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Lionel “Rusty” Bernstein, as shown in a police mug shot taken in the evening of his arrest during the Rovinia raid. Photo courtesy of the South Africa History Archives, University of Witwatersrand, Johannesburg.

Messages from Underground

We had just finished our first cup of tea, when Hilda Bernstein rose and left the kitchen. Several minutes passed. Hilda was eighty-one years old and had acquired an artificial hip not long ago, and she negotiated the staircase of the small townhouse

Ida Tarbell

Ida Tarbell: A Reporter’s Life

Obviously intelligent and a fast learner, the 23-year-old Ida M. Tarbell quickly expanded her job description after beginning her journalism career on The Chautauquan magazine during 1880. As a result, she received a broad education on all manner of topics. Ida Tarbell She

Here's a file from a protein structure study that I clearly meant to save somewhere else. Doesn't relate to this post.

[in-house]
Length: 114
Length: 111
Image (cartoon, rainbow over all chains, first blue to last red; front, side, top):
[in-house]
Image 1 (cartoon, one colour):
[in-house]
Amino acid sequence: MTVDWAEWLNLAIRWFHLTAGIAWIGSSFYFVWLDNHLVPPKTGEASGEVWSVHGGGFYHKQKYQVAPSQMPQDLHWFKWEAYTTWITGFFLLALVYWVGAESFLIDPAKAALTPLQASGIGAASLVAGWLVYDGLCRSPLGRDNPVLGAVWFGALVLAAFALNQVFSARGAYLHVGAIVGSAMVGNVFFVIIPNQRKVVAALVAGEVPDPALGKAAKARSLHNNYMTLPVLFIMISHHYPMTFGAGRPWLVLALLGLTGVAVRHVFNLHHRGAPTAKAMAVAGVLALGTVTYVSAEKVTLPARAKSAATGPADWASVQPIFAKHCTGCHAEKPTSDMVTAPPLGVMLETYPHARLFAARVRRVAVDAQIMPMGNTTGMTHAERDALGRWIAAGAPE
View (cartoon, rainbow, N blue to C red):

A woman walks on the U.S. side of the border as smoke pours over the wall from Nogales, Sonora. The smoke smelled of burning plastic. Photos by Jeffry D. Scott

Bridging Troubled Waters in Ambos Nogales

In the hillside shantytowns of Nogales, Sonora, Mexico, people get drinking water from trucks and store it in barrels salvaged from the dump or nearby factories. They have no choice. The city’s crumbling, 50-year-old water distribution system doesn’t extend to where they live.

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Benazir Bhutto: Comeback Kid?

Note: The pictures for this story are copyrighted and not available for web publication. Benazir Bhutto, world-class political pugilist, is refusing to go down for the count. For over a year now, this twice-elected, twice-deposed ex-prime minister of Pakistan, has seemed to be